By Kathleen Parrish

A world-renowned expert on contraceptive technology.  The organizer of a global leadership conference aimed at empowering women. An author, activist, and lawyer working to repeal the sales tax on feminine hygiene products.

These are a few of the acclaimed alumnae who spoke on campus Saturday during the Council of Lafayette Women conference. This year’s theme was Seeing What Matters: Visualizing Your Best Self, a nod to keynote speaker Amy Herman ’88, who trains medical doctors, flight attendants, and members of law enforcement agencies, including the FBI, CIA, and Navy Seals, on how to improve their observation skills.

More than 200 students and alumnae attended the sold-out conference, with representation ranging from the first coed graduating class in 1974 to soon-to-be 2018 grads.

President Alison Byerly opened the event by quoting Vicki Salemi ’95, who described the gathering as “a powerhouse of awesome women.”  Eight hours later, Alumni Association President Lisa Kassel closed the day by suggesting a circle of women, like the ones in Marquis Hall, could save the world.

We couldn’t agree more.

In the meantime, here’s advice from some of the presenters on becoming your best self.

Dr. Christine Masterson Vergura ’92, director of the Women and Children service line at Summit Medical Group (middle)

Dr. Christine Masterson Vergura ’92, director of the Women and Children service line at Summit Medical Group

“Invest time in yourself. Make sure you’re caring for yourself, both physically and emotionally. In order to be the best for others, you have to take care of yourself.”

Sherry Welsh ’85, author of Slowing Down: Unexpected Way to Thrive as a Female Leader

“Be kind and generous with each other, knowing everyone is acting out of innocence and doing the best they can with what they believe at that moment. Any time you doubt that you’re not capable of doing something, step in, give it a shot, test it out. Nothing is forever. If it doesn’t work for you, try something else. And when something isn’t working for you, ask for what you want. Speak up. Share honestly what doesn’t work and what you’d like to see different. That’s how you create the world you want to live in and bring your dreams to life.”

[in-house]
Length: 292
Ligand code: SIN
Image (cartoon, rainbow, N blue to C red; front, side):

Katie Livornese ’14, organizer of the S.H.E. Summit, a global leadership conference

“Think about what your best qualities are and then work very hard to expose yourself to opportunities that can help develop those skills. Also, live authentically. That means not worrying about what others think about you and really spending time with yourself and learning who you really are and then living in that truth.”

Susan Cassin Wilson ’80, executive leadership coach

“Take time to pause and allow yourself to become self-aware. Quiet your inner critic and embrace the wiser, older, future self, the woman that you’re becoming, your North Star, your inner mentor.”

Laneta Dorflinger ’75, scientist, director of Contraceptive Technology Innovation

“Be honest with yourself. Be the person you really are. For me the most transformative time in my life was when I dropped the façade. When you work with other people, within a week, within a day, you know that person even better than you expect to know them. You know their foibles and they know yours. I tried to hide that. I wanted to be the perfect self.  Now I tell people who work for me to ask for what they need from me. For example, I let them know that if they need me to review a scientific paper, it will be done tomorrow. But if they want me to read some horrible standard operating procedure that might put me to sleep, it might take three requests to get it from me. They shouldn’t be shy. I have no ego, but they may have to knock on my door 16 times to get it. I think just being yourself is important.”

 

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